Trends in Agricultural Ammonia Emissions and Ammonium Concentrations in Precipitation over the Southeast and Midwest United States

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Title: Trends in Agricultural Ammonia Emissions and Ammonium Concentrations in Precipitation over the Southeast and Midwest United States
Author: Konarik, Stephen Brian
Advisors: Dr. Pal Arya, Committee Member
Dr. Viney P Aneja, Committee Co-Chair
Dr. Dev Niyogi, Committee Co-Chair
Abstract: Emissions from agricultural activities, both crop and animal, are known to contain gaseous ammonia (NH3) which through chemical reaction in rainwater changes into ammonium ion (NH4+). Using wet deposition data of ammonium from several National Atmospheric Deposition Program/National Trends Network (NADP⁄NTN) and Clean Air Status Trends Network (CASTNet) sites, as well as calculated ammonia emissions from North Carolina and the Southeast and Midwest regions of the United States, trends in ammonium concentrations in precipitation were analyzed for the period of 1983-2004. In addition, HYSPLIT back-trajectory model was used to determine that when ambient air in downwind sites arrived from the high ammonia emissions source region, ammonium concentrations in precipitation were enhanced. For the Southeast United States domain, analysis shows that NH4+ concentrations generally increased with increasing NH3 emissions from within the same region. Similar analysis has been performed over the Midwest United States and compared to the results from the Southeast United States. Emissions from the Midwest are attributed to larger animals, including hogs and cattle, whereas the Southeast has a higher percentage of emissions coming from smaller livestock, such as chickens. In addition, the Midwest United States region has a much more uniform spatial distribution of emissions. The conversion of ammonia gas (NH3) into ammonium ion (NH4+) is a fundamental process that is of great environmental significance. Excessive amounts of NH4+ can lead to acidification of soils and other pollution problems. An agricultural ammonia emissions inventory for the Midwest United States and Southeast United States was developed using data from the United States Department of Agriculture 2002 Census. This inventory indicates total annual ammonia emissions to be nearly the same over the two regions, with 1417 X 106 kg NH3⁄km2⁄year over the Southeastern United States and 1691 X 106 kg NH3⁄km2⁄year over the Midwestern United States. The emission rates are similar to those of model simulations from the Carnegie Mellon University Ammonia Model. Comparing these rates to the ammonium ion concentration and wet deposition obtained from the National Atmospheric Deposition Program (NADP) monitoring network reveals discrepancies from the results projected by the emissions inventory. The NADP network shows deposition rates of ammonium over the Southeast U.S. region at nearly twice those of the Midwest U.S. region. These contrasts have been explored and reasons for the differences are discussed. The beginning of 1997 coincides with the implementation of a moratorium on new hog farms in the state of North Carolina. Results from the analysis in North Carolina indicate a lessening in the rate of increases in NH4+ concentration in precipitation since the moratorium went into effect. Sampson County, NC, saw stable ammonium ion concentrations from 1983-1989, an average rise of 9.5% from 1989-1996, and an average increase of only 4% from 1997-2004. In analyzing the trends in NOx, the effect of implementation of the Clean Air Act Amendments of 1990 is clearly seen in the precipitation chemistry as well.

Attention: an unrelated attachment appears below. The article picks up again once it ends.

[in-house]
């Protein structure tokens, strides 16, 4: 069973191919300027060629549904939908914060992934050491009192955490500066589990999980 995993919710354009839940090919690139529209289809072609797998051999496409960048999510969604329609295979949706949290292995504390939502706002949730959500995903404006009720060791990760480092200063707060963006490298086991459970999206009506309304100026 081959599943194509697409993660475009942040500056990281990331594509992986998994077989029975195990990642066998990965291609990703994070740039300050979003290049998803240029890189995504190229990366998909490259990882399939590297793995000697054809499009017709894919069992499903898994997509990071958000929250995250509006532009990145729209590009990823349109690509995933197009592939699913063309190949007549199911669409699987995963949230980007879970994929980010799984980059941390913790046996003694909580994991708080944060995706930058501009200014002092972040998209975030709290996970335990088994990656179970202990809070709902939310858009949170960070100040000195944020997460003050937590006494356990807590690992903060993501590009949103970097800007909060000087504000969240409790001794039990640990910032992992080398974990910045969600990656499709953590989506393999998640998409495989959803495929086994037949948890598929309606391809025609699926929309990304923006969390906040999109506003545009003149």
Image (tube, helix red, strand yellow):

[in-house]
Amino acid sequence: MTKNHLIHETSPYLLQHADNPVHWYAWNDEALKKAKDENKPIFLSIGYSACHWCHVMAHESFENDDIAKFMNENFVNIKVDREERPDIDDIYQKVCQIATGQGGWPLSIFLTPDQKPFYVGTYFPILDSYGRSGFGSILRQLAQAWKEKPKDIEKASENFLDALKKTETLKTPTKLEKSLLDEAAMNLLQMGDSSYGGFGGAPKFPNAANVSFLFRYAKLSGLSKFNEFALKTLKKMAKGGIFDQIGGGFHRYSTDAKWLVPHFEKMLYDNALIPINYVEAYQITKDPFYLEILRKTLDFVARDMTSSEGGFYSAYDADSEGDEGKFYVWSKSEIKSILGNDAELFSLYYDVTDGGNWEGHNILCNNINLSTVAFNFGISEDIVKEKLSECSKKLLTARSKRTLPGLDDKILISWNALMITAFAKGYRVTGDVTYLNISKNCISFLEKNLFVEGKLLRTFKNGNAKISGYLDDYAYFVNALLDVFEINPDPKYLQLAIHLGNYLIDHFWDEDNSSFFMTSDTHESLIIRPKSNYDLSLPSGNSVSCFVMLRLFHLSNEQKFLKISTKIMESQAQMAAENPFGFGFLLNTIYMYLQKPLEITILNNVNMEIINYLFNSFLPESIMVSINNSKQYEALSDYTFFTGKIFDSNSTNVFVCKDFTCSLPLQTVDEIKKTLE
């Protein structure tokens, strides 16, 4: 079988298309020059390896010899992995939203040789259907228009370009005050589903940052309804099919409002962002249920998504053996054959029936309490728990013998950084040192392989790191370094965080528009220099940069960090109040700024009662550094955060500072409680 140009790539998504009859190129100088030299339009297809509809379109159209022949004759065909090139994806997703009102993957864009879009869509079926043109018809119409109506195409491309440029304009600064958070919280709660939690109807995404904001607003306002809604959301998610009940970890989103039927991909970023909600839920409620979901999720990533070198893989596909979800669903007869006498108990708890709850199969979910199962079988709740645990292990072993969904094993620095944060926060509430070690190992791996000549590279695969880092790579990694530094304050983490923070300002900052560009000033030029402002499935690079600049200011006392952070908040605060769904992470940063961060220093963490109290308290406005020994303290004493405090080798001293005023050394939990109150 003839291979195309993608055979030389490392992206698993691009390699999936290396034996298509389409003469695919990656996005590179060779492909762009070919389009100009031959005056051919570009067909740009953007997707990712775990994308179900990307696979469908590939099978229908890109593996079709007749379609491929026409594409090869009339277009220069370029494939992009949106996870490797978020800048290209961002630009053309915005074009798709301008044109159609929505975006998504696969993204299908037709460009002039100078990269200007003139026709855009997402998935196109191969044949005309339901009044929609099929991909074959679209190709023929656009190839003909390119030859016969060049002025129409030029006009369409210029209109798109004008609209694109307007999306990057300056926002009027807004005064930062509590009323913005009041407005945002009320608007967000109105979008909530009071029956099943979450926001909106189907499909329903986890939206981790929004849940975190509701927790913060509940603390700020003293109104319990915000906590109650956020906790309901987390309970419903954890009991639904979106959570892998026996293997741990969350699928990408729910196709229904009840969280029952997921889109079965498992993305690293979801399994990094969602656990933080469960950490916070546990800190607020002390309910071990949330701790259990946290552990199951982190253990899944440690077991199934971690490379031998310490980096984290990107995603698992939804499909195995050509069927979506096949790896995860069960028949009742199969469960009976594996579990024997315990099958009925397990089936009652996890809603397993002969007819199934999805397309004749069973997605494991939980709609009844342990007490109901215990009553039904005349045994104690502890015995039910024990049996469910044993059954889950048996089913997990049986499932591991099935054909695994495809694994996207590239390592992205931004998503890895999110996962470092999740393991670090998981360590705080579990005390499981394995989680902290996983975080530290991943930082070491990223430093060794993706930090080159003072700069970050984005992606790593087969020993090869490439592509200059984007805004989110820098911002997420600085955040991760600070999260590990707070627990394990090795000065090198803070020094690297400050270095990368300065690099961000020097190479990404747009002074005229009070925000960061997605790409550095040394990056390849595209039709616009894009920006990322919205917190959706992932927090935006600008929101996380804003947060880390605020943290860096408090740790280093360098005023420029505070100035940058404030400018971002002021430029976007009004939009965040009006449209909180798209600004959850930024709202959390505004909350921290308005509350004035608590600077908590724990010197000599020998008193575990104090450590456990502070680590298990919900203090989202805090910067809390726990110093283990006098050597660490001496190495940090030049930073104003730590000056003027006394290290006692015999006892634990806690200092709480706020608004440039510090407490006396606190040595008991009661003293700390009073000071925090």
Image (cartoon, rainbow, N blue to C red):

Date: 2006-10-06
Degree: MS
Discipline: Marine, Earth and Atmospheric Sciences
URI: http://www.lib.ncsu.edu/resolver/1840.16/732


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